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File #: 170413    Version: 0 Name:
Type: Resolution Status: ADOPTED
File created: 4/27/2017 In control: CITY COUNCIL
On agenda: Final action: 5/4/2017
Title: Urging the Pennsylvania Legislature to reject Senate Bill 383, which would permit school personnel to carry concealed firearms in schools.
Sponsors: Councilmember Johnson, Councilmember Jones
Attachments: 1. Resolution No. 17041300.pdf, 2. Signature17041300.pdf
Title
Urging the Pennsylvania Legislature to reject Senate Bill 383, which would permit school personnel to carry concealed firearms in schools.

Body
WHEREAS, On February 15, 2017, Senator Donald White introduced Pennsylvania Senate Bill 383, which would permit school personnel to carry concealed firearms in schools. The only requirements for carrying a firearm in school under Senate Bill 383 would be: a license to carry a concealed firearm and a basic certification in the use of a firearm; and

WHEREAS, The Pennsylvania Senate and House have both studied the issue of allowing school personnel to carry firearms and found it not advisable. The Pennsylvania House Select Committee on School Safety explicitly stated in 2014 that it did not recommend arming general school personnel. In the same report, testimony from state agencies, law enforcement, education groups, and district attorneys led the Select Committee to recommend that only school police officers or security officers be armed on school property. An Advisory Committee on Violence Prevention, formed at the direction of the State Senate, echoed the conclusions of the House Select Committee when it wrote in its 2014 report: "Police officers undergo extensive training in the use of their weapons and teachers do not. Therefore, it is unreasonable to expect a teacher to have the same firearms competency as a law enforcement officer, and not sound policy to assign such responsibility to a teacher"; and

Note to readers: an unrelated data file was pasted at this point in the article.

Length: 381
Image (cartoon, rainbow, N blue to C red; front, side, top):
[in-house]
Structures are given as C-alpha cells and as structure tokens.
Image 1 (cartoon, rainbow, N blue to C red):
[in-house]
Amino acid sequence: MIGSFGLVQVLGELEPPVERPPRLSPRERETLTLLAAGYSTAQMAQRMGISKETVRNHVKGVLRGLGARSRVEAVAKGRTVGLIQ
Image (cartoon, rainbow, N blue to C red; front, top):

WHEREAS, The Police Chief of Susquehanna Township, Robert A. Martin, raised skepticism about the potential consequences of arming school staff who have not received the same extensive situational training as police officers. Martin noted that police departments dedicate "a lot of time and a lot of effort and a lot of hours, and it's ongoing, in the training of our law enforcement officers to meet those legal, physical and mental thresholds to use deadly force"; and

WHEREAS, National School Safety and...

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